The Christian Origin of Racism: That Old Black Devil
by William Sierichs, Jr.
Racism is rooted in the founding Christian belief
that all non-Christians were servants/soldiers of Satan, the relentless
and cunning enemy of the Christian god and all morality (1 Cor.
10:20–21, Gal. 4:8–9, John 8:44 for examples). Christians considered
pagans who converted to be morally cleansed and “purified.”
Christians called pagans and Jews who rejected
conversion “obstinate,” “atheists,” and an “infection” in the
world, and treated them as a constant threat to Christian purity. This was
because on many occasions, Christians had turned to paganism or Judaism or
to “heresies” that had roots in pagan philosophies. Christians were
certain that pagans “knew” the truth of Christianity, but were so
hopelessly snared by Satan that they stubbornly rejected Christianity’s
summons (Rom. 1:18–20, for example).
By force or persuasion, Christians converted the
light-skinned pagans of Europe and northwestern Asia in a millennium of
expansion. In the 15th century, Christian explorers, merchants, and
settlers encountered new groups of dark-skinned pagans. Many Christians
initially were optimistic about converting them. For various reasons,
however, the new pagans proved highly resistant.
Christians had equated the color black with evil as
early as the second century. In Satan—The Early Christian Tradition,
historian Jeffrey Burton Russell said the second-century Epistle of
Barnabas portrayed a war between God and Satan, with clear choices. One
could follow a path to heaven, while a “road of darkness, under the
power of ‘the Black One,’ leads to ruin. The equation of evil,
darkness, and blackness, a source of later racial stereotypes, occurs here
for the first time in Christian literature. The immediate sources of
Barnabas’ use of the terms ‘black’ and ‘blackness’ are Jewish,
Ebonite, and Greek. Behind these is the Mazdaist idea of the darkness of
Ahriman, and behind Ahriman is the worldwide, almost universal, use of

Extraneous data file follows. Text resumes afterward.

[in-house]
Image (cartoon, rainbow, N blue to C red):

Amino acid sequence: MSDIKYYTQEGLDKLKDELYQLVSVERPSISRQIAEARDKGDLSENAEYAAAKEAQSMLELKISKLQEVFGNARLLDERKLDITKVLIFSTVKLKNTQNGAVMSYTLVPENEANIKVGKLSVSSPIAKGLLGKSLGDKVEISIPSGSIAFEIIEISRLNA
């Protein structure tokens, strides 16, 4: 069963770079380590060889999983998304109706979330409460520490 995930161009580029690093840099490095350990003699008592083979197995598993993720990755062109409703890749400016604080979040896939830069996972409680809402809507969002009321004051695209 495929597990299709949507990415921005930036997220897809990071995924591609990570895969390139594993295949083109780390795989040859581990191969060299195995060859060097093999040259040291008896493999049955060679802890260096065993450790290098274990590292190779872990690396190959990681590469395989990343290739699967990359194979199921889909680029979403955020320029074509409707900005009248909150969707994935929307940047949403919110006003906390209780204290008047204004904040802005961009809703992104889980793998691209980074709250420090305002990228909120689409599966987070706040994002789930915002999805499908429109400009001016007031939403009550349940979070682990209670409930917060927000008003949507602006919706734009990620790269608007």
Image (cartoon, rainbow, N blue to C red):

blackness as a symbol of evil.”
Russell added that the Devil’s dark color
represented his lack of goodness and light, and did not have a racial
connection—he might be black but have European features.
Some Christians from an early period, however, did
depict Satan and his demons as African or in a context that linked black
skin to Satan. An influential 4th-century biography said Satan repeatedly
tempted the monk St. Anthony, who was living in the Egyptian desert, and
once “he appeared to Anthony like a black boy, taking a visible shape in
accordance with the colour of his mind. . . . .”
In a 7th-century biography of clergy in Merida,
Spain, a man had a vision in which he saw “some hideous and terrifying
Ethiopians, giants, most vile to behold in their darkness, so that from
their restless gaze and jet-black faces he was given to understand as he
saw them clearly that they were beyond doubt servants of hell.” A
similar linkage of the Devil to Africans also appeared in the “Passion
of St. Perpetua and St. Felicity.”
A popular medieval story, “The Voyage of St.
Brendan,” said the Devil once corrupted a monk. “. . . St. Brendan
witnessed the machinations of the evil one. He saw a little Ethiopian boy
holding out a silver necklace and juggling with it in front of the
monk,” who had stolen a necklace. Later, Brendan and other monks “see
a little Ethiopian boy pop out of the culprit’s breast and cry out:
‘Man of God, why are you expelling me from the home I have lived in
these past seven years? You are casting me off from my inheritance.’”
The eighth-century English historian Bede recounted a
story by King Coenred of Mercia who, on his deathbed, claimed that he had
been visited by “a horde of wicked spirits . . . then one, who from the
blackness of his dusky face and his exalted position seemed to be their
The 12th-century English historian Orderuc Vitalis
claimed St. Taurin battled demons in the 3rd-century French city of Evreux.
“After this Taurin entered the temple of Diana, and by the power of God
commanded the devil to come forth before the people. At the sight of him
the heathen populace trembled in fear. For he appeared to them clearly as
an Ethiopian, black as soot, with a flowing beard, breathing sparks of
fire from his mouth.”
So by the 16th century, when Martin Luther claimed
that Jews chose “to look into the devil’s black, dark, lying behind,
and worship his stench,” many of his readers likely pictured an African,
not just a generic demon.
Christians eventually turned to their scriptures to
“prove” Africans, American Indians, and Asians had dark skin from some
divine curse. Long before that, though, they had made a connection between
skin color, Satan worship, and a predisposition to immorality.
To be continued.
William Sierichs, Jr. is a copy editor on The Advocate in Baton Rouge,
Louisiana. This material is from a book he is writing, The Christian
Origin of Totalitarianism.